(Photo : Josh Reddekopp, Unsplash)
Genetic modification should free or at least delay hereditary diseases.

The genetically-edited babies from China may instead suffer from unintended mutations, scientists said in a new article.

Last year, Chinese biophysicist He Jiankui sparked an uproar among his fellow medical practitioners after he revealed that he had successfully created a twin immune to HIV through genetic modification. He also claimed that he has made a revolutionary medical breakthrough that could end the HIV epidemic.

However, it was not well-received by his peers. They noted that He ignored the ethical practices and scientific norms. Fellow Chinese scientists also called him an insult to the biochemical research in their country.

But what scares the scientists the most was the possible complications this impulsiveness would bring to the twins, Lulu and Nana.

An Imperfect Technology

He Jiankui
(Photo : Screenshot from He Jiankui's video in Youtube)
He Jiankui shocked the world when he announced that he successfully modified two human babies to be immune to HIV infection.

The manuscript published by the MIT Technology Review questioned the validity of the study, especially whether or not the team have actually met their goal.

Some people are naturally immune to HIV because of a mutation in their gene called CCR5. He tried to replicate that by editing the embryo's gene using the powerful editing tool called CRISPR. 

It is noted that CRISPR is still considered an "imperfect tool" because it could target an unwanted gene instead, which is why scientists refused to use it on humans yet.

Moreover, although He's team has successfully targetted, their paper reported that the product was not correct variant, known as CCR5 Delta 32 and made another one which might not serve its destined purpose.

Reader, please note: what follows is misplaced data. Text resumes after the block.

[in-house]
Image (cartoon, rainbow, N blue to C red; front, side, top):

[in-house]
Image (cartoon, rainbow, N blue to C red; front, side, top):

It is said that the father of the twins is HIV infected. However, the virus was not transferred to his offspring because of immunity. Instead, the researchers have conducted "sperm washing", a well-established technique.

One of the co-authors, Rita Vessena from Eugin Group, said that He's study was nothing but just an attempt to pave the way on using CRISPR/Cas9 technology on human embryos "at all cost", rather than carefully planning which should have gone first. 

Gene-editing is Not the Key

He's team justified their research by providing statistics of HIV patients in China. According to them, the country witnessed a 64 percent increase in 2017 compared to 2012.

Fyodor Urnov, a genome-editing scientist from Innovative Genomics Institute, called the "blatant misrepresentation" of the study a "deliberate falsehood". He also compared He's expensive vision of ending the epidemic to the claim in 1969 that the moonwalk of that year will "bring hopes to millions of humans beings seeking to live on the moon".

The review also claimed that genome-editing is not a practical method in places where HIV is prevalent, as such in South Africa.

Co-author Hank Greely claimed that assuming all babies in the world would receive the CCR5 variant through modification, the effect would only be felt in two to three decades later, and by that time, better and more efficient technologies to control this epidemic will exist.

Vassena also said that current methods like public awareness and antiviral medications have been proven effective.

The CCR-5 Delta 32 is a genetic mutation usually found among European descents. Researches have claimed that it either delays the development of the infection or grants the carrier a complete immunity. 

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